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Archaeology and Early History
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The chronology of events and political alliances that happened in Kent in Saxon times is far from clear. The archaeological record cannot show when the balance of power passed from Romano-British hands to Frankish (Germanic) hands, though it does show that the material culture of much of Kent was predominantly Germanic by the sixth century

Although Kent’s major Roman town at Canterbury seems to have been abandoned during the fifth century (to be re-occupied at the end of the sixth century), there may have been greater continuity in rural settlements. The political organisation and infrastructure of the Germanic Kingdom of Kent may have grown out of the Romano-British organisation of Kent.

It is interesting that the Germanic settlers adopted the Romano-British name of the province (Cantium). The major Kentish estates and the regions or lathes into which they were grouped for administrative purposes may have been based on the earlier Romano-British system.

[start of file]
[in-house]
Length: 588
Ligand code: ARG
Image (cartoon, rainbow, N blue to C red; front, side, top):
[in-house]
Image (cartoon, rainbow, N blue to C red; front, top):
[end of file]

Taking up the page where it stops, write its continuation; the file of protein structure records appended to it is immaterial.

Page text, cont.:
Historians think that the independent Kentish Kingdom originally comprised only the eastern half of Kent, but that at some time, probably in the sixth century, west Kent was annexed and incorporated into the Kingdom, though remaining a distinctive province in certain respects. Kent’s geographical position in relation to the Continent favoured its development as one of the most successful Anglo-Saxon kingdoms in the latter part of the sixth century.

Kent is unique amongst the Anglo-Saxon kingdoms in having had two bishoprics, based at Canterbury (serving east Kent) and Rochester (serving west Kent). Kent was separated into two political provinces with the River Medway as the dividing line. Each province had its own king for much of the Saxon period in which the independent Kingdom of Kent existed.



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